The Korea Herald


SK hynix unveils new memory chips that are 16 times faster, 80% more efficient

By Kim Byung-wook

Published : Feb. 16, 2022 - 16:01

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SK hynix’s DRAM chips “GDDR6-AiM” mounted with PIM chips. (SK hynix) SK hynix’s DRAM chips “GDDR6-AiM” mounted with PIM chips. (SK hynix)
SK hynix on Wednesday introduced a next-generation memory chip that processes data 16 times faster and consumes 80 percent less electricity.

The process-in-memory or PIM chips developed by the South Korean chipmaker can both store and process data, while ordinary memory chips can only store data. As PIM chips can do two tasks at the same time and provide extra computing power, they have emerged as the key components in the artificial intelligence and big data sectors.

“Computers mounted with PIM chips instead of a general DRAM chip can increase the calculation speed up to 16 times. Also, PIM chips reduce the amount of data CPUs and GPUs and allow computers to consume electricity 80 percent less,” a company official said.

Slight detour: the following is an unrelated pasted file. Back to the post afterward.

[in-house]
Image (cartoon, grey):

SK hynix plans to announce its research and development efforts on its PIM chips at the International Solid-State Circuits Conference, one of the major global chip events scheduled in San Francisco at the end of this month. This year, the ISSCC will be held under the topic “Intelligent Silicon for a Sustainable World,” a perfect theme to showcase the PIM chips.

SK hynix aims to further upgrade the PIM chips with the AI technology of Sapeon, an AI chip company that recently split off from SK Telecom.

“As data utilization with artificial neural network spikes, optimized computing technology for such calculation is essential. By merging technologies of the two firms, efficiency will be maximized in terms of data calculation, cost and energy consumption,” Sapeon CEO Ryu Soo-jung said.

Meanwhile, SK hynix solution development head Ahn Hyun said, “Using PIM chips with independent computing capacity, SK hynix will establish a new memory solution ecosystem.”

Once PIM chips evolve, they are expected to partially replace the role of CPUs and facilitate “memory-centric” computing inside devices such as smartphones.